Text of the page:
Annotations and comments

Ruslan has posted 56 annotations/comments since 26 October 2022.

The most recent first…


Third Reading

About Sunday 2 November 1662

Ruslan  •  Link

Having read a little further, there seems to be evidence in this entry:…

"She [Elizabeth] now read it, and it was so piquant, and wrote in English, and most of it true, of the retiredness of her life, and how unpleasant it was;"

The fact that Elizabeth's letter was written in English is worthy of comment, makes one think that she could speak a second language, i.e. French.

About Saturday 3 January 1662/63

Ruslan  •  Link

> Having nothing now in my mind of trouble in the world, but quite the contrary, much joy, except only the ending of our difference with my uncle Thomas, and the getting of the bills well over for my building of my house here, which however are as small and less than any of the others.

Louise Hudson said: "I take that to mean less than any of the other bills he has to pay."

Another interpretation is that his concerns are minor compared to those of others. To reinforce this point, he then records that Sir W. Penn is "fallen very ill again".

About Tuesday 25 November 1662

Ruslan  •  Link

A SFW version of Dirk's "Failed Armageddon Predictions" on the Wayback machine:…

@San Diego Sarah: it's realtively straight-forward.
- Find a broken link
- Right click said link and select "Copy Link"
- Go here:
- There is a search box at the top of the page (it says "Enter a URL..."). Paste the link you just copied into here and press "Return"
- You now see a timeline displaying the years in which this page was captured (normally multiple years). Click on the closest year to when the annotation was posted. E.g. if it was posted today in 2005, click on "2005".
- You now see a calendar showing when captures were made in that year (blue dots on the calendar).
- Identify the capture closest to when the link was posted (preferably before) — e.g. if the link was posted in November 2005 and there is a capture from October in the same year, that's the one we want.
- Hover your mouse over the blue dot representing the desired capture. A new menu will pop out.
- Click on the snapshot you want to view. There is normally only one.
- That's it. The archived webpage should now open

About Sunday 2 November 1662

Ruslan  •  Link

Pauline wrote: "They (Samuel & Elizabeth) have been enjoying each other's company these days; and reading together, with her spoken French and his book-learnt French, sounds an enjoyable translation and reading exercise."

Is there any evidence that Elizabeth actually spoke French? Her father came to England ca. 1625 and Elizabeth was born in Devon in 1640. Her mother also appears to have been English.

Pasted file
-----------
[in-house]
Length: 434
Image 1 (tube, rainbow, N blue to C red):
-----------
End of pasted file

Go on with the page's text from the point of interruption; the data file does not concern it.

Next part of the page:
About Friday 24 October 1662

Ruslan  •  Link

Dirk said (18 years ago):

> I have to agree with Bradford: I do think they were a fairly happy couple. The had their problems of course (being childless, Sam's pre-diary unfaithfulness, occasional quarrels), but who hasn't.

Is his unfaithfulness a documented thing? Or is that just supposition, as he and Elizabeth separated briefly pre-diary?

About Thursday 23 October 1662

Ruslan  •  Link

Sorry, typo.

Il est descendu les escaliers." (He has gone down the stairs) — descendre is transitive

Would love the ability to edit annotations :)

About Thursday 23 October 1662

Ruslan  •  Link

Sasha said:

> In our neighbour Indo-European languages, French and German, "to be" rather than "to have" is still used as the auxilliary verb for the perfect tense of intransitive* verbs;

I'm being nitpicky here, but in French and German, the auxiliary verb "to be" (être in French, sein in German) is used to form the perfect tense for certain verbs, particularly those indicating motion or change of state.

Whether a verb is intransitive or not, is not in itself a guaranteed way to determine which auxilliary verb it uses.

"Ich habe geschlafen" (I have slept) — schlafen is intransitive
"Il a couru" (He has run) — courir is intransitive

"Ich bin ihm gefolgt." (I have followed him) — folgen is transitive
"Il est descendu les escaliers." (He has gone down the stairs) — descendre is intransitive

About Friday 10 October 1662

Ruslan  •  Link

I had ChatGPT summarize today's entry. Here's what it came up with:

Samuel Pepys describes a day where, despite his swollen feet, he travels to Cambridge and stays at a place called the Beare. He encounters a relative, Angier, and joins him for a good meal. He mentions a university event where officers are being elected. With borrowed academic regalia, he participates in the election, voting for various positions, including someone he recognized from his past. He's content with participating in this university activity, something he longed to do.

Later, he visits another relative, Dr. John Pepys, but couldn't find his brother Roger, who was out for work. He travels to Impington for advice from relatives regarding a family matter. Unexpectedly, Roger arrives, and they discuss the family issue. Roger advises reaching a settlement with another relative, Thomas, as legal routes wouldn’t be favorable. Despite the unsettling advice, Pepys appreciates the clarity on how to proceed, ending his day with that understanding before going to bed.